How to make sure your visitors have a good user experience
Link out where it makes sense. Add sources and additional resources below the article. Don’t link out to obvious sites like Google, Facebook and Twitter when mentioning them. Rather, link to actual messages or updates and your profiles on those sites where appropriate. Use self-explanatory anchor text for both internal and external links. Highlight links with CSS, but don’t overdo it. Link to the subject of your article in such a way that people who want to go there don’t have to look hard.
How to ensure you don’t support your competition, or rather how to make it a win-win situation
You can’t prevent your outgoing links from supporting your industry peers; even by crippling them with nofollow. Either you link out to colleagues from the industry or you don’t. Decide not to link out, and they won’t link to you either in most cases. Decide to link out and they will link, like and Tweet you as well in most (or at least many) cases. So, embrace linking out to industry peers wholeheartedly and don’t be nit-picky about every single link.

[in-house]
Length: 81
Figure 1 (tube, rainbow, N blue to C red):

How to appear more authoritative by linking out
Link out to those people who offer really in-depth articles on parts of the topic you write about. Do not link out to people who are describing exactly the same but better. Link out to those who cover certain aspects that you don’t.
Also, collect the links you want to link out to before you actually write your own post so that you can expand on the issue or concept that others have covered before.
Don’t reinvent the wheel just for the sake of making yourself appear as the first person who has written about a certain topic. You aren’t, and everybody knows it. You can also find your own angle and provide links to others with a more general approach.